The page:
An internet report from Durlacher Research, covering 4,000 UK homes,s for e-commerce. has revealed that demand for e-commerce is outstripping online services offered by UK business, resulting in a rush for resellers to Web enable companies.
The home market has more than doubled, from five per cent in June 1997 to 11 per cent in December 1998, with 30 per cent of users already buying online. Software accounted for 13 per cent, with eight per cent for hardware. However, there is also a large group that wishes to buy online and is being frustrated by the lack of businesses setting up shop in cyberspace.
Areas highlighted by Durlacher include event tickets sales, holiday and travel services, and music and video products. The failure to deliver such services will lead to an influx of companies attempting to cash in on the phenomenon.
But this demand is set to soar, with 37 per cent of users stating they will purchase online in the next six months and a further 15 per cent within a year.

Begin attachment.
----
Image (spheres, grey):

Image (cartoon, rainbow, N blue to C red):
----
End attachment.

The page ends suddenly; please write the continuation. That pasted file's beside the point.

The main element that hindered e-commerce was the security of online transactions, at 31 per cent, followed by the lack of vendors online, at 25 per cent.
However, some of the more worrying statistics included 13 per cent of users who stated the internet had altered their sleep patterns. Another cause for concern was the demographics of the Web. Despite the market more than doubling, the user profile has remained as male and living in the south of England with an A/B social grade.
According to Durlacher, this 'could have serious implications on skills and even standards of living in the long term'.
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